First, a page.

She snapped all ten of her fingers and all of the teachers vanished. “Now you can’t do anything because the teachers aren’t here to help you!”

And she left in another cloud of smoke before Sienna could point out that they could do plenty of things without anyone’s help.

At first the kids weren’t too upset that the teachers were gone. They really enjoyed being cats and dogs, and they ran and played all over the school. Eventually, though, they started to miss those friendly, helpful ladies.

“We should try to find them!” Renée announced.

All the other kids agreed, but they didn’t know where to look, and most of them were afraid to try to leave the school without a grown-up.

Suddenly the front door opened, and three men in spandex entered. They were Batman, Spiderman, and Superman!

“We’ll help you find your teachers!” they said.

The kids cheered and licked the superheroes’ faces.

“There’s too many of you to carry,” Spiderman said. “We’ll have to find another way to travel.”

They all heard a loud whistle from the railroad tracks across the street.

“It’s Thomas!” Cora shouted from the window.

Thomas the Tank Engine agreed to give them all a ride, so they climbed aboard and started their quest.

Along the way, though, the superheroes had to leave to go fight some bad guys, so the kids had to continue on their own.

They’d gone a long way when Matilda screamed, “Stop!”

In front of them was a beautiful, fairy tale castle. Everyone rushed inside to find the princess. All they could find, though, was a tiny pony with a pink mane and tail. The pony, though, had heard about the missing teachers and told the kids they had to go through the dark forest to find them.

Even though they were scared, they went ahead anyway. Some of the kids thought they saw a ghost in the trees, and others thought they saw goblins. What they found, though, ended up being worse than any of that.

The witch was blocking the path, smiling. Before the children could get close to her, she clapped 3 and a half times and created a huge Tyrannosaurus Res that was hungry for some kids to eat—especially kids that looked like kitties and doggies.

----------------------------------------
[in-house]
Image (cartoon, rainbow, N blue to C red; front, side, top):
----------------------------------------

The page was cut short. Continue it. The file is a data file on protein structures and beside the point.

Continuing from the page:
The children were terrified at first, but then Tariku shouted, “We can stop him if we work together!”

They did start to work together, and they ran in circles around the t-rex’s feet. The t-rex couldn’t decide which delectable pet to try to eat, and he ended up getting dizzy and fell down. He bumped his head and didn’t get back up. The kids were cheering when Spiderman, Superman, and Batman swooped back in.

Batman put the witch in a headlock and Spiderman took her hat away with a squirt of his web, because everyone knows a witch’s power comes from her hat. The kids crowded around her and barked and meowed and scratched at her legs until she finally said, “Okay, okay, I’ll bring your teachers back.”

She spit on the ground and all of the teachers dropped down from the sky. Everyone cheered. “Could you please turn the children back into humans as well,” Tricia, a teacher, asked.

“All right,” the witch said.

“Awwww,” all the kids said.

Thomas took everyone back to school, and they arrived right before the first parent came to pick them up. All in all it was a wonderful adventure—and they all lived happily ever after. The end.

The Client

My new book has a few courtroom scenes in it, so besides reading about practicing law and how a courtroom works, and paying close attention to Law and Order, I have decided to read some legal thrillers to see the language other writers have used to bring such scenes to life. I want to see examples of scenes that have been pulled off successfully and dramatically so that in my YA book the audience will be excited when a courtroom scene comes and not want to skip through it.

So, naturally, I first went to John Grisham. My local library only had a couple of his books in, but The Client looked appealing (and I haven’t seen the movie)–it was about a kid, so it seemed even more up my research alley.

Jacket blurb: “This is the story of eleven-year-old Mark Sway, who, as the novel opens, witnesses the bizarre suicide of a New Orleans attorney. Just before he dies, the lawyer tells Mark a deadly secret concerning the recent murder of a Louisiana Senator, whose accused killer, Mafia thug Barry Muldanno, is about to go to trial. The police, the federal prosecutor, and the FBI pressure Mark to tell them the attorney’s last words, but he knows that with the mob watching his every move, revealing his secret will almost surely get him killed.”